Investors bought single-family homes by the thousands at fire sale prices during the foreclosure crisis with the idea of a short-term turn. But now big investors are making a play for this new real estate class of Single Family Rentals beyond what anyone was considering before.
What happens now? CNBC takes a look.
Large-scale investors have bought close to 200,000 mostly distressed properties to rehabilitate and turn as rentals since the height of the housing crash, according to several reports. That is still a small share of the roughly 15 million single-family rental properties nationwide.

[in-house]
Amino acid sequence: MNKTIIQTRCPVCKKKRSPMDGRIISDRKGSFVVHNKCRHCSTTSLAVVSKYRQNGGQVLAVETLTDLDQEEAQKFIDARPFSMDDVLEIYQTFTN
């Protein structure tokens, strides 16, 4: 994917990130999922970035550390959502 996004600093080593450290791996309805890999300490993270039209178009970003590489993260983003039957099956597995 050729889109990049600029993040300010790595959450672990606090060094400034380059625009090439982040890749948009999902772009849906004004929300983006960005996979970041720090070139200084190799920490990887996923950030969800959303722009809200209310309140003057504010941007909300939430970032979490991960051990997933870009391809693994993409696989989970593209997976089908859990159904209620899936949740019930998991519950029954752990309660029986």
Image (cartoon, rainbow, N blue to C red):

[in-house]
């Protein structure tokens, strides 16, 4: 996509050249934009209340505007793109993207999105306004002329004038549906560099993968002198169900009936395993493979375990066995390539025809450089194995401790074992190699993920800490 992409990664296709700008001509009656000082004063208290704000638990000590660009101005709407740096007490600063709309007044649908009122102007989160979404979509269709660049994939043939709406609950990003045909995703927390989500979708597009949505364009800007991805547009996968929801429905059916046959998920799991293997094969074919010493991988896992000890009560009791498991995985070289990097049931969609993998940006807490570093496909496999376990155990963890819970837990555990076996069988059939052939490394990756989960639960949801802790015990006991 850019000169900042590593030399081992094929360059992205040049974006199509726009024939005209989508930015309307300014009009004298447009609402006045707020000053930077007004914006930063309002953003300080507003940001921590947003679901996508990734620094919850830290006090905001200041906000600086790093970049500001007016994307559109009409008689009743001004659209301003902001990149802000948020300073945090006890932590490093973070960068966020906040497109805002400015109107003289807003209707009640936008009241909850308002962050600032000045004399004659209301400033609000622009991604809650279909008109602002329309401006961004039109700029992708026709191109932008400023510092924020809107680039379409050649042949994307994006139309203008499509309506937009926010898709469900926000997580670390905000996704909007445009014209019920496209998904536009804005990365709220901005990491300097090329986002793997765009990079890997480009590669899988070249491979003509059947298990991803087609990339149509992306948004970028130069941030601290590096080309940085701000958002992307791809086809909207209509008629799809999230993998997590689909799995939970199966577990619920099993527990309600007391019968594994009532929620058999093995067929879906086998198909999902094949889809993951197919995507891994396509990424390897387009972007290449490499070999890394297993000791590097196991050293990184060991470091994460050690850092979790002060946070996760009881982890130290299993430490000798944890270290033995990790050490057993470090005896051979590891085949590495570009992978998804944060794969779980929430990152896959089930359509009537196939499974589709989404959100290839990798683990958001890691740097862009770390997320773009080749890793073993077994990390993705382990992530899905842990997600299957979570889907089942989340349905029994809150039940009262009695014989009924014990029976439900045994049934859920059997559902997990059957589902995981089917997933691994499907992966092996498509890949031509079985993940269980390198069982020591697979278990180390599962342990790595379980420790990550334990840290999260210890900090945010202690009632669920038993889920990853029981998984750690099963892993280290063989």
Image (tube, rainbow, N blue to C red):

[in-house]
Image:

The total number of single-family rental homes increased 35 percent since 2006, with smaller investors also taking on millions of distressed properties to rent. This happened as the nation's home ownership rate fell to the lowest level in 50 years.
Investors in rentals continue to bet that home ownership will remain low or even go lower. Tight lending, rising home prices and a generational shift in attitudes favoring renting are all on their side. Convincing Wall Street, however, has been tougher.
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